The word Hatha in Sanskrit means force (which, frankly, is rather ironic). In 1893, Swami Vivekananda brought it to the United States and it was more spiritual than physical. By the 1920s, however, hatha yoga had been combined with other popular yoga styles to create something more physical instead. Still, it’s popularity was not nearly on a par of what it is today.

That changed in the 1950s when Richard Hittleman’s popular TV program “Yoga for Health” debuted on American TV. Then, during the 1960s, the Beatles helped to bring yoga to the masses when it was revealed that they were working with Maharishi Mahesh Yogi. He combined mainstream hatha yoga with transcendental meditation, and the practice immediately soared in popularity.

Bikram/Hot Yoga Yoga

Technically a modified version of hatha yoga, Bikram/hot yoga, is performed in a room that is heated to 105F. The typical class features 26 poses that are more-or-less set in stone and performed every session. It’s believed that the heat helps practitioners stretch their muscles better and sweat out toxins and improve circulation. (By the way, Beyoncé practices Bikram/Hot yoga.)

Iyengar Yoga

Very meticulous and precise, Iyengar yoga was developed by B.K.S Iyengar during the 1960s. More than other yoga forms, Iyengar yoga is focused on breaths control (called pranayama) and posture control (called asana). It’s also the world’s most widely practiced form of yoga worldwide. If you want to learn the perfect way to get into and hold yoga poses, Iyengar is a great place to start.

What Are the Benefits of Yoga?

A lot of scientific research has gone into yoga over the decades. The good news is that it supports most of the claims that yoga practitioners have been making for years about Yoga’s wellness benefits. They include:

Reducing Anxiety, Stress, and Depression

While it may not be effective for someone who’s been clinically diagnosed with a mental health condition, over 60 studies have found evidence that supports yoga being effective for managing many different types of anxiety disorders and conditions.

Reducing spinal problems and back pain

In 2018 a review was published that looked at 8 studies by the Agency for Healthcare Research and Quality. (As we said, there have been a lot of studies on yoga.) The review found that back pain was indeed reduced by yoga and that it afforded both short-term and intermediate-term benefits similar to several other types of exercise.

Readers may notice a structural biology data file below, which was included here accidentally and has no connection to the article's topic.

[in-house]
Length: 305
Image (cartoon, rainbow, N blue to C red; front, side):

Emotional Support and Well-Being

Many studies have shown that Hatha yoga provides a positive impact on mental health. (Other types of yoga as well.)

Improved Sleep

Many different conditions are helped by hatha yoga, including sleep problems. For example, cancer patients have shown improved sleep after practicing hatha yoga, as well as pregnant women, seniors, and people with arthritis.

Reduction in Neck Pain and Stiffness

The medical journal Medicine published a meta-analysis in 2019, showing that hatha yoga is excellent for reducing neck pain and improving neck (cervical spine) ROM (range of motion).

Helping Young Adults Be More Mindful

A massive study of nearly 2000 young adults in 2018 showed that Hatha yoga helped them be better motivated and mindful.

Greatly Increased and Improved Flexibility

If there’s one thing that yoga can do for almost everyone, it improves their flexibility. More than big, strong muscles, flexible muscles will help keep you healthy and prevent injuries. Yoga is one of the very best (and safest, if done correctly) ways to become more limber and flexible.

Improving Athletic Performance

If you’re an athlete (or a weekend-warrior), yoga is highly recommended. Numerous studies have shown it to be an excellent, performance-enhancing type of exercise that can increase your flexibility, strength, endurance, etc.

Helping You Lose Weight

Like any form of regular exercise, yoga can be extremely helpful if you’re trying to lose a few pounds and get back into shape. It’s a great way to get started at any fitness level, even if you haven’t exercised in years. You can ease into a yoga workout slowly and surely as your body gets stronger and leaner.

In Closing

Frankly, the type of yoga that you follow as a beginner is almost unimportant. What’s important is that you start and then stay dedicated so that your body and mind will receive the amazing benefits that yoga provides. Hatha yoga may be the most popular in the United States, but it’s certainly not the only choice. (That’s especially true in states like California where there are yoga studios on practically every street corner.)